Joined: 24 Nov 2005
Posts: 1099
Location: Devon

PostPosted: Tue Nov 01, 2005 3:45 am    Post subject: Reply with quote

Blue Peter wrote:
P.S. What's the Welsh for Peter?


Pedr Very Happy
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Blue Peter



Joined: 24 Nov 2005
Posts: 1939
Location: Milton Keynes

PostPosted: Tue Nov 01, 2005 9:56 am    Post subject: Reply with quote

GD wrote:
Blue Peter wrote:
P.S. What's the Welsh for Peter?


Pedr Very Happy


And how is it pronounced? Ped-uh?


Pedr.
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GD



Joined: 24 Nov 2005
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Location: Devon

PostPosted: Tue Nov 01, 2005 1:08 pm    Post subject: Reply with quote

Close, I would say Pedur.
(or Pederr, as in err said quickly).
EDIT - The thing is, we really pronounce our R's in Wales...
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Blue Peter



Joined: 24 Nov 2005
Posts: 1939
Location: Milton Keynes

PostPosted: Tue Nov 01, 2005 1:29 pm    Post subject: Reply with quote

GD wrote:
Close, I would say Pedur.
(or Pederr, as in err said quickly).
EDIT - The thing is, we really pronounce our R's in Wales...


But there aren't any rs in 'Wales' Very Happy

It just gets worse. Not only do I have to be able to do something useful, I also have to be able to contort my speech organs into a form they were not meant to take up Very Happy


Pedrrrrrrrrrrrrrrrrrrrrrrrrrrrrrrrrrrrrrrrrrr.
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theeggman



Joined: 24 Nov 2005
Posts: 120
Location: Prince Edward Island, Canada

PostPosted: Sun Nov 20, 2005 9:44 pm    Post subject: Reply with quote

GD wrote:
Blue Peter wrote:
Actually, just looking at the frappr thing:

http://www.frappr.com/powerswitch

Wales does seem to be a powerswitch free zone. The only entry there appears to be CAT, and that isn't a person (obviously). What does it all mean?


There?s theeggman, Billhook, EmptyBee and now Clv101 (and me (ex-pat soon to be re-pat)).


Yes I'm here, BUT am on the move to Canada sometime soon, see http://www.powerswitch.org.uk/forum/viewtopic.php?t=1183
I've lived here without any problems and run a local business too, but always made an effort with the language and used bilingual signs, posters, leaflets, etc. As Tess says, it's only polite!
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Pixie



Joined: 24 Nov 2005
Posts: 44

PostPosted: Mon Dec 05, 2005 2:46 pm    Post subject: Reply with quote

I was brought up in Wales and hope to be able to return there in the near future. Although it's a long time since I lived there maybe I can offer some insights on the Welsh/English thing. In my experience English people have difficulty understanding that Wales is an occupied country and has been for the past 800 years. Despite this, Welsh culture and language is still strong and thriving. People who make no effort to appreciate the culture or learn the (very beautiful and poetic and totally phonetic) language or worse still who ridicule it quickly feel unwelcome, but rarely understand why. I strongly recommend that before moving to Wales any English person learns all they can about British - as opposed to English - history.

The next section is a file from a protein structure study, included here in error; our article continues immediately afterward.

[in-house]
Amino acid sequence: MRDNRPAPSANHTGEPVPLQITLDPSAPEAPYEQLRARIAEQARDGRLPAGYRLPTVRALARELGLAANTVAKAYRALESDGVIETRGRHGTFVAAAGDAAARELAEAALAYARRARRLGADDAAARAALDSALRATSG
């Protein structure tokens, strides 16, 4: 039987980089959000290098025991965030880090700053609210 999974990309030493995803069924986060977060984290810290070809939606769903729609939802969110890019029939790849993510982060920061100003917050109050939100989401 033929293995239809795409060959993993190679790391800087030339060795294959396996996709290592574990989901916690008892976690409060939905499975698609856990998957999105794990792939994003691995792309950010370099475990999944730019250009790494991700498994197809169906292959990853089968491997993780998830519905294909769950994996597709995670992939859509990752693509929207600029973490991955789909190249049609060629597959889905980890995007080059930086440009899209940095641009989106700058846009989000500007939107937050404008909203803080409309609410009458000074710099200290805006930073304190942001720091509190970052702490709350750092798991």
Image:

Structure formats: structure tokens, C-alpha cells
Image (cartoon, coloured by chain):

As far as being at risk from 'extremists', generally most ill-feeling is directed, as in most rural areas, towards those city folk with holiday cottages who visit occasionally and contribute nothing to the community but have raised local house prices beyond what local people can afford.
Hwyl!
Pixie
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Pixie



Joined: 24 Nov 2005
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PostPosted: Sat Feb 04, 2006 9:43 pm    Post subject: Reply with quote

omigosh! I'm really sorry! I didn't mean to bring this thread to a halt!

If you're interested in joining/setting up a community, take a look at www.lammas.org.uk which gives a very thorough description of a proposed eco-village in south-west Wales.
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Bandidoz
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Joined: 24 Nov 2005
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Location: Berks

PostPosted: Sat Feb 04, 2006 10:10 pm    Post subject: Reply with quote

Do you know what they are proposing for "renewable energy"?
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aran



Joined: 29 Dec 2005
Posts: 4
Location: Gwynedd

PostPosted: Mon Feb 06, 2006 2:45 pm    Post subject: Reply with quote

I'm aware of quite a few people thinking along the deliberate community lines in Cymru, but they're all Welsh-speakers who don't choose to engage much in English-speaking media.

I would strongly recommend that anyone thinking of relocating to rural Cymru gets to grips (in a serious way) with the language. It's already a very sensitive point, and if (as many people expect) life post-peak will see communities becoming more sensitive about who gets to share community resources and who doesn't, I think it's a given that the language will be one of the driving factors here.

Having said that, there is definitely potential for respectful, integrated community building here - and the ability to speak Welsh would certainly improve the extent to which you were able to become part of the community (something which may be a challenge to a lot of people considering tactical re-location, whether here, New Zealand or anywhere else).
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Pixie



Joined: 24 Nov 2005
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PostPosted: Sat Feb 11, 2006 7:11 pm    Post subject: Reply with quote

Bandidoz wrote:
Do you know what they are proposing for "renewable energy"?


Ffi, ffau, ffaw, ffwm... Twisted Evil Laughing

At the moment its all theoretical as they don't actually have any land but as good permaculturists I'm sure it'll be an appropriate mix of small scale wind, solar and hydro. They do hope overall to be net exporters of energy